How the ‘ought’ obscures the ‘is’

Over the last few years I have come across a number of examples of the way in which the current managerial preoccupation with abstractions, often expressed as policies, procedures or putatively comprehensive ‘systems‘, severely inhibits managers from discussing and dealing with important organisational events which occur right under their noses. This is not to mount a case against having policies and procedures, but is a warning about the false sense of security and comfort that can arise from talking about things in the abstract rather than paying attention to organisational experience.

A charity I worked with was obliged under charity law to carry out a risk assessment. They borrowed a comprehensive framework from the Charity Commission and discussed it, and evaluated their own performance as a group of Trustees. They decided that because of the high level of competency and expertise on the Board and their ability to deal effectively with the charity’s business they would rate their risk to the organisation as low. Within six months of completing the risk assessment they found themselves dealing with the turbulence surrounding their own poor appointment of a new CEO. Galloping into the situation they then dithered, backed the CEO, then suddenly withdrew their support and in the process alienated most of the staff. The CEO decided to resign and spend more time with his family, and the organisation hung by a thread with a demoralised staff group, a bewildered board and a potential public relations disaster.

I worked with another organisation where a new senior manager had proved a tricky appointment. Not only had he driven out a number of staff around him, but there had been complaints about his behaviour which had come to the attention of the directors. He could be abrasive and bullying, and conflicts with staff could sometimes break into full organisational view. Yet the Board had been impressed with this manager at interview because of his motivation and commitment. The directors wondered how they might deal with this situation and turned to an outside consultant for advice. The consultant recommended that a director undertake a performance review with the problematic senior manager and provided a tool for doing so.

The tool purported to be a comprehensive document which broke down the role of management into key competences and then asked both the person being appraised and their appraiser to come up with scores against thirty questions. Two examples of the competences were ‘organisational awareness’ and ‘charisma’. So under ‘organisational awareness’ good managers are supposed to be able to ‘communicate useful information to appropriate people within the business on a timely and accurate basis.’ Meanwhile, as far as charisma goes, the manager is expected to be able to ‘inspire self and others’ as well as ‘change own state and state of mind of others at will by inducing the right brain chemistry’. Throughout this document communication must always be effective, relationships appropriate and/or positive, behaviours are always chosen by managers but must be the correct ones, targets are specific measurable and time-bound, judgments sound, and interventions solutions-focused.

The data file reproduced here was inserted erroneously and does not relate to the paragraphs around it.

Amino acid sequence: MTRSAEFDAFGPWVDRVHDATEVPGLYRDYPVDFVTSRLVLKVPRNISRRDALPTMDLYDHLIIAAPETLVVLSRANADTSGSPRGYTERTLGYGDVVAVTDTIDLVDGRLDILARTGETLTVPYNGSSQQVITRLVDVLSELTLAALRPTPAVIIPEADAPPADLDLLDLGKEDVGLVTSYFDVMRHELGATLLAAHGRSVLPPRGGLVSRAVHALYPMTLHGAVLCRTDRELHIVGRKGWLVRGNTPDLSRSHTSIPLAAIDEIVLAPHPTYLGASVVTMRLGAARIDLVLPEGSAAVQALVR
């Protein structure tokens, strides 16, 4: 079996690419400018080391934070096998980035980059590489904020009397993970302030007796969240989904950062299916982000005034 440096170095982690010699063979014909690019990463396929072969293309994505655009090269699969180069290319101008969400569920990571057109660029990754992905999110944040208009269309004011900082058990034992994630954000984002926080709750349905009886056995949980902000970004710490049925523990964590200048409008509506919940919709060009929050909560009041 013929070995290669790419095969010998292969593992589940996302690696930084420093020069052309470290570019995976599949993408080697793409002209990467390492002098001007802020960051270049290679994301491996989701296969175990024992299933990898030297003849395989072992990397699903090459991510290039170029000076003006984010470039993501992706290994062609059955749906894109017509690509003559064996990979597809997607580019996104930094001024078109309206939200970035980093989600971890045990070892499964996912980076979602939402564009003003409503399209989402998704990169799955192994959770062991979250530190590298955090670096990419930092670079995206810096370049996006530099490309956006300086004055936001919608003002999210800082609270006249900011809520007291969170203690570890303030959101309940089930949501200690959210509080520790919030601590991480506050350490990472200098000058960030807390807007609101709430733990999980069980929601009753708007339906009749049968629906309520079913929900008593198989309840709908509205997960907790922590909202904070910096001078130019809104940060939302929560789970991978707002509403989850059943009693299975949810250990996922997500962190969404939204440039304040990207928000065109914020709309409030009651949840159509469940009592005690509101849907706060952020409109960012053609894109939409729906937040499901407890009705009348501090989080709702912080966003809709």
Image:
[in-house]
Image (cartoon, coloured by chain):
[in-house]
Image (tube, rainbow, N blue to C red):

Meanwhile, I was invited to attend a directors’ meeting in another organization where they had been discussing the introduction of a new bullying and harassment policy, which was introduced because of contractual obligations. The conversation was long and detailed, as was the documentation, which updated and revised previous policies. New laws cut across and qualified old laws, which meant partially updating some of the policy and fully revising other bits. The group of directors was congratulated by a consultant advisor that their policy and practice were now state of the art, cutting edge. Towards the end of the meeting while the directors were discussing other business the CEO mentioned almost in passing that a member of staff had been dismissed for sexually harassing another member of staff. The person who had been dismissed was a long term and mostly well-liked employee who had been in the business for years and would have been present for many of the in-house training sessions going through the various manifestations of the very bullying and harassment policy the group of directors had been discussing and revising. This particular employee had always been surrounded by rumour and innuendo about their behaviour. A couple of directors wanted to discuss the case but were prevented from doing so by the chair of the board on grounds of confidentiality. ‘It is exactly this kind of case that our new bullying and harassment policy is designed to prevent in future’, she said.